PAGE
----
My posts this week on Waiting for Superman, The Lottery, and their kin have resulted in a pretty impressive wave of e-mail. Much of it is heated and some is downright ticked off. Indeed, it all reminds me why most folks find it advisable to avoid raising questions about popular enthusiasms or fads (whether site-based management, small high schools, or The World Is Flat) until after they fade of their own accord (at which point the questions are largely irrelevant).
And all this even though I tried to make clear that I’m fine with these films and that they’ve got a potentially valuable role to play. Makes you wonder what would have happened if I’d actually dumped on these movies. However, I did also argue, of course, that there are real potential downsides--especially if would-be reformers start to treat filmmakers as experts and spokespeople.
For me, the most interesting pushback is that which challenges my presumption that these efforts may well do more harm than good. (I find less interesting the charges that I’m an apologist for teachers unions, blind to the problems in American education, or just trying to protect my turf. These things may be true, but they don’t really help us think about when, how, and why these movies are good for American kids and schooling.)
All that is by way of introducing an enormously useful piece of feedback, penned as an RHSU comment by Bruno Behrend. It so thoughtfully and deliberately challenges my own take that I wanted to make sure it got the airing it deserved, even among those who don’t necessarily peruse reader comments. In the spirit of promoting a smart, healthy debate about the role of “agitprop,” here’s Bruno’s take:
Rick writes: "On Monday, I argued that Waiting for Superman, The Lottery, and all their edu-agitprop brethren can have a constructive role to play so long as the practitioners evince good nature and humility and the cheerleaders retain a sense of irony and don't start to believe their own hype." The last time I checked, people don't engage in the expensive and difficult task of producing informative documentaries if they don't 'believe' in what they are doing. That's not hype. It is likely a strong moral sentiment, and I would hope that they believe in it. I sense a little frustration in this post. Here we have a class of directors and producers who HAVEN'T spent years studying and researching a problem. Instead, they read our product and acted upon it by making films. It may be a little annoying that they are having an impact. After all, they haven't "paid their dues" in the think tank world, building their "policy chops" on the symposium circuit. I for one, thank them for having that impact. More power to them, I say. Rick writes: "All of which suggests to me a movement willing to increasingly place it chips on sensational messaging, sounds bites, and "it's for the kids" emoting instead of more patient efforts to change minds and press smart policies." From my perspective, after losing 20+ years of battles with the morally illegitimate financial interests that kill every good reform idea, I think it's time to realize that the "patient efforts to change minds and press smart policies" have not succeeded. I would argue that one reason for this is due to the failure to perceive (or perhaps "conceive") the true interests of the defenders of the status quo - which is to politically defeat all reform for the sole purpose of growing payroll, pensions, pay, and political clout. This is not (or no longer, perhaps) an academic debate, Rick. It is a pitched political battle against interests that are no more moral than the tobacco, banking, or oil industries defending "their turf." It is for that reason the "agitprop" (as you call it) is not only called for, but frankly, long overdue. It isn't as if the defenders of the status quo could ever defeat reformers in an open debate of the issue(s). It's time to take this to the streets - streets filled with undereducated kids, jobless parents, and homes with "for sale" signs. Rick wrote: "'Movements' have a way of stifling smart thinking, smothering essential questions, and going too far." I respectfully disagree, particularly when applied to education reform in America. Movements, whether Martin Luther King's exposure of segregation as morally illegitimate, or Ghandi's exposure of the immorality of "British Rule," are actually the proper political culmination of good ideas, brought about by impatience with the slow movement of the "chattering class." We should all be challenged to defend any aspect of today's expensive and failing system. Other than the poorly served students and the dedicated and talented teachers, what part of the bureaucracy--administrators, districts, unions, or even much of the dilapidated bricks and mortar--are worth preserving? I'm half way through your excellent book "Education Unbound." As we all contemplate the 100s of ways we could rapidly transform education in the USA, we must come to the realization that none of those ways can come to pass as long as the obstacle to reform (the existing system) maintains political power. In closing Rick, those films, as well as the conference you are criticizing, are very likely the only path to the reforms both you and I envision.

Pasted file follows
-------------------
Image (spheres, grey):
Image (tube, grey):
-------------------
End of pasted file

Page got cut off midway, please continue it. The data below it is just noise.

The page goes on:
The opinions expressed in Rick Hess Straight Up are strictly those of the author(s) and do not reflect the opinions or endorsement of Editorial Projects in Education, or any of its publications.